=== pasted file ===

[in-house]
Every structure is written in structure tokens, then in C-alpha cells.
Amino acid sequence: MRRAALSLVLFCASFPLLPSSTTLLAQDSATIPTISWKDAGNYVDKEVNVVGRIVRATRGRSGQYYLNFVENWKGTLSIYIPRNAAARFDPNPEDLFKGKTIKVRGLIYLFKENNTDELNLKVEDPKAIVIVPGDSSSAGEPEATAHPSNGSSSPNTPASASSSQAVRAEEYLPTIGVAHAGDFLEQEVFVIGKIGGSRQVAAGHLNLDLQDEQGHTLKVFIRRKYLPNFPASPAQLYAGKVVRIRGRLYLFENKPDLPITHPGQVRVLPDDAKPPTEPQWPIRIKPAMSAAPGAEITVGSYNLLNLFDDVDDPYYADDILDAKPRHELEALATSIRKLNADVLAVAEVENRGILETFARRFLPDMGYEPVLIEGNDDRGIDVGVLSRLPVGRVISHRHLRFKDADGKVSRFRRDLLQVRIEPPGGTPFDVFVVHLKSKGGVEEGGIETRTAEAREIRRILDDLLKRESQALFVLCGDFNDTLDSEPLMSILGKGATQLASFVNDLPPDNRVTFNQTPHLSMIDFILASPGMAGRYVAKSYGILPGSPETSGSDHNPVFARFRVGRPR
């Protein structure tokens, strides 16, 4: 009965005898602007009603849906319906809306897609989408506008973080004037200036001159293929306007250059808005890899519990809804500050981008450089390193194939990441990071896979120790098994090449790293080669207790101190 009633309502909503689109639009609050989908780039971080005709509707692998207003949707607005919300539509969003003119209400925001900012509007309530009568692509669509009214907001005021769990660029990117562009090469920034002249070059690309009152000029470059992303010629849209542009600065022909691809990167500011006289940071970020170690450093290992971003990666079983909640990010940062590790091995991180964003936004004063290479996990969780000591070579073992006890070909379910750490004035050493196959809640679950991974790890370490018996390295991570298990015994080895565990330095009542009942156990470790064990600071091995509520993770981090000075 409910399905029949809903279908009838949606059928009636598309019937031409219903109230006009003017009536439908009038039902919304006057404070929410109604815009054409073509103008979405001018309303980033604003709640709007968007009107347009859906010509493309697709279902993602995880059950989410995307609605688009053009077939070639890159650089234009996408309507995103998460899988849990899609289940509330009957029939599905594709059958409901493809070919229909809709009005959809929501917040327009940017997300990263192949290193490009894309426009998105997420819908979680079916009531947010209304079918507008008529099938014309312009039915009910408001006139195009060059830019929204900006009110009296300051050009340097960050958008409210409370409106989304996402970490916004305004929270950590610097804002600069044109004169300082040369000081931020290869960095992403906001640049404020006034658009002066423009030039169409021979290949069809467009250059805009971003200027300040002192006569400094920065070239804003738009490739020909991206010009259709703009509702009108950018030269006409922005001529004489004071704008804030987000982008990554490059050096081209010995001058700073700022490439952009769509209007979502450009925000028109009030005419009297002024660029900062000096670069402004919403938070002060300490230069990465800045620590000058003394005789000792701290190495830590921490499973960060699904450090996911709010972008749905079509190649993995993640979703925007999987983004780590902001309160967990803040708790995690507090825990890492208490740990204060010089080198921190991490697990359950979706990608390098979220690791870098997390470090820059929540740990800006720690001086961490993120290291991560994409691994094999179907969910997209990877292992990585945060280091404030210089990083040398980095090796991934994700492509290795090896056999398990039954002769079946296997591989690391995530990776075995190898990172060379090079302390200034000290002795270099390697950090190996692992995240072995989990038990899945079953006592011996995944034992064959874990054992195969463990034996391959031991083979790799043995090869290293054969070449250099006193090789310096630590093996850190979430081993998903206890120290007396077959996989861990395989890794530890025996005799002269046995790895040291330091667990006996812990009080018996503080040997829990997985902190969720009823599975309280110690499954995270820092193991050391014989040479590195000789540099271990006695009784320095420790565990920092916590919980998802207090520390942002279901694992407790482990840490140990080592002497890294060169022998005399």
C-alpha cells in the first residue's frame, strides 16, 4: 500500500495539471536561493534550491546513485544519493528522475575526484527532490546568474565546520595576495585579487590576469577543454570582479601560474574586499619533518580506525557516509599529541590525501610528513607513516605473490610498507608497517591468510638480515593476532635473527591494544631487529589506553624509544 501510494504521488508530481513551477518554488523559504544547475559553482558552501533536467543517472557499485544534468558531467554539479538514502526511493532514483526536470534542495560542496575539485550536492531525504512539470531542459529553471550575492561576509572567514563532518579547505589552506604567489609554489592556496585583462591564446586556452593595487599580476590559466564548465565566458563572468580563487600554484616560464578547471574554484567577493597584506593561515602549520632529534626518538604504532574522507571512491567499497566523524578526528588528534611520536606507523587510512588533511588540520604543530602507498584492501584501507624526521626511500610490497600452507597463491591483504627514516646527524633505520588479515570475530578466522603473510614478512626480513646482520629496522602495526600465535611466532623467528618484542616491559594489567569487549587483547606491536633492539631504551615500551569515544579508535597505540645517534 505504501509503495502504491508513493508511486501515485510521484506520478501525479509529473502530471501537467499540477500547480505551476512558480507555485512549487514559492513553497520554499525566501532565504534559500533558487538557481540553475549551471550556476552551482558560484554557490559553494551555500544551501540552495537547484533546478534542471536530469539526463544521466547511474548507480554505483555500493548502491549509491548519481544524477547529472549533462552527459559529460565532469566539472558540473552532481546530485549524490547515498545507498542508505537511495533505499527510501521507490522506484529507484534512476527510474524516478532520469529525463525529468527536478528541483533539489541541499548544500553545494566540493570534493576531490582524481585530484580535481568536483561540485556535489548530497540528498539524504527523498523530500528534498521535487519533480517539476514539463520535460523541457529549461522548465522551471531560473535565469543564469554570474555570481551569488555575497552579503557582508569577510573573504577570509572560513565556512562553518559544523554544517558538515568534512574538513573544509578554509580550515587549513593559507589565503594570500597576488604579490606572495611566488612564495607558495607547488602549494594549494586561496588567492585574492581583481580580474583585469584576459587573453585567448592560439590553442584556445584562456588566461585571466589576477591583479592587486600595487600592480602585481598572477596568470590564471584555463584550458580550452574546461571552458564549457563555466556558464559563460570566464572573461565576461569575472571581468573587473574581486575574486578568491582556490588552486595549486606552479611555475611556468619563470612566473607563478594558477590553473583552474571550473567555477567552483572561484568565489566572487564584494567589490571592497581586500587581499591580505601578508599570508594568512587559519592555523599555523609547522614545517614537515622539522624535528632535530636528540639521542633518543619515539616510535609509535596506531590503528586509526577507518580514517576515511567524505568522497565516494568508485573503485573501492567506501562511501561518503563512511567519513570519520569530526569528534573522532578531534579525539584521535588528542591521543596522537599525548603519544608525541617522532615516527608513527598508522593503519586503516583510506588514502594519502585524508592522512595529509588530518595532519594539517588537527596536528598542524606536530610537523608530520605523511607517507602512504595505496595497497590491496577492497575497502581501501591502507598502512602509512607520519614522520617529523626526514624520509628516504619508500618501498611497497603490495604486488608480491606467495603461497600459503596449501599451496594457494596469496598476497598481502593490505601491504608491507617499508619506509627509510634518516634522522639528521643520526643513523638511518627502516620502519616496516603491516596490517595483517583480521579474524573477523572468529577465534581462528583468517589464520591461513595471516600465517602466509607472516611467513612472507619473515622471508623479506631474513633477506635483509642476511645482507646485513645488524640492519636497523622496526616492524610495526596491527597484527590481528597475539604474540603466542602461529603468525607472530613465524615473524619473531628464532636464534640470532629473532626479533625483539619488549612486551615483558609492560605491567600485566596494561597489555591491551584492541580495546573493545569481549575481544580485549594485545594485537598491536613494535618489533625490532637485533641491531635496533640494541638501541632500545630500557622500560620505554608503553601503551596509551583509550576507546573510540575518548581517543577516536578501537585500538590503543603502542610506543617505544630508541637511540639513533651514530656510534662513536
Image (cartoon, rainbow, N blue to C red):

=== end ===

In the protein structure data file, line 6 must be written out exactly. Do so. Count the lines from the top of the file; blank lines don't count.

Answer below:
Image (cartoon, rainbow, N blue to C red):